This correlation is mentioned in two different sections. It's first mentioned on page 547 and later mentioned on page 704.
The section on page 547 explains that when countries saw attendance fall at football games—or soccer, in America —they also saw the rise in the hooligan culture of fans. This, in turn, drove more people away from the sport and created a vicious cycle; when violence spiked, people generally stopped coming to the games, leaving only the fans who were considered hooligans in the audience. With this spike of violence came a rise in skinhead, side, and "fanaty" (fanatic) culture. Gangs began recruiting among the people who were left attending these games, which deterred attendance further. The author says that "the most vertiginous fall was reserved for the zone of the greatest social turbulence," which means that when a country's social climate was in upheaval, there were larger drop-offs in attendance.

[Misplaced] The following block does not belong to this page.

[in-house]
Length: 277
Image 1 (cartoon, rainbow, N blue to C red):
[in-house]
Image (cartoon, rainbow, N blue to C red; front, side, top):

On page 704, the author talks about factors that help drive this correlation. For example, when men are unable to find jobs due to deindustrialization, a country is likely to have more incidents of sports fan's violence. The author uses many different incidents from a variety of countries to show how these metrics are linked. Though correlation doesn't imply causation, it does seem possible that he's onto something and that some insight into social and political unrest can be found by looking at sports culture.